Civil Defense Director Talmadge Magno said, “New construction has to be built to a certain code, so when those buildings were constructed, they were built based on what existed at that time… Retrofitting definitely was developed to protect the structural integrity and safety of the people using it, but it depends on the owners’ situation as far as putting out that kind of money to retrofit it.”
According to Brian Shiro, seismic network manager at USGS Hawaiian Volcano Observatory, “What determines the potential for damage is how intense the seismic waves generated by the earthquake are in any given area. Shaking with ‘very strong’ intensities of VII can cause considerable damage to poorly-built structures but generally little damage to well-designed structures. It takes shaking at ‘severe’ intensity VIII to cause considerable damage to most ordinary buildings. At ‘violent’ intensity IX, even specially designed earthquake-tolerant structures can have considerable damage. ‘Extreme’ intensity X can destroy most structures.”
Shiro added, “Given all the caveats about what affects shaking intensity (distance from the earthquake, type of terrain, etc.), the rule of thumb is that earthquakes above magnitude-6.0 in Hawai‘i generally can produce damaging shaking intensities over large areas. However, even earthquakes as small as magnitude 5.0 can produce potentially damaging intensities over limited areas.”
The state has taken some action to address building concerns.
The dilapidation of buildings in the Waiakea Peninsula has prompted the Hawai‘i County to form its own Banyan Drive redevelopment agency.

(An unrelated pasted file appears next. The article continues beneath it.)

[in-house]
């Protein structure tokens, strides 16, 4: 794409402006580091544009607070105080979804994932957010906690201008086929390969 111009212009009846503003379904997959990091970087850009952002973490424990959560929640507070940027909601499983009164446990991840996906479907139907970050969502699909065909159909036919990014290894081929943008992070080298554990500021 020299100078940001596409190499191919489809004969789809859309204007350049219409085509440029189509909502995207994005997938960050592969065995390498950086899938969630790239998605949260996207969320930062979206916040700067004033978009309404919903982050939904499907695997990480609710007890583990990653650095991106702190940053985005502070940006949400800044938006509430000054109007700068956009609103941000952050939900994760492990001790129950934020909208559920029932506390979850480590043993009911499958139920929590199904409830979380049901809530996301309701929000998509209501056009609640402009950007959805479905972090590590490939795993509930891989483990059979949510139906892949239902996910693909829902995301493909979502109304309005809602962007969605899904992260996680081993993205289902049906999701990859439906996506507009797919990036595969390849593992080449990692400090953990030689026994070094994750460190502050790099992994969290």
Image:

There is also a bill which was recently adopted in March of 2019, House Bill 910, requiring the state Office of Planning to conduct a study on the infrastructure needs of Banyan Drive. The study would look at infrastructure that needs to be improved, as well as barriers to redevelopment of the area. However, this bill will not take effect until the end of 2050.
In addition to dilapidated buildings, Hawai‘i’s infrastructure could use improvement.
Steven Doo, co-chair of Hawai‘i Infrastructure Report Card Committee reported that “Most of the state’s infrastructure has been operating beyond its useful life with some of the components in the system over 100 years old.”
A 2017 report indicates that 29% of the state’s roads are in poor condition, ranking Hawai‘i the fifth worst in the nation. For highway funding as a percentage of the total government spending, Hawai‘i is the 10th lowest in the nation. Nearly 6% of Hawai‘i roads were deemed deficient. Dams posed the most hazard in Hawai‘i than any other state.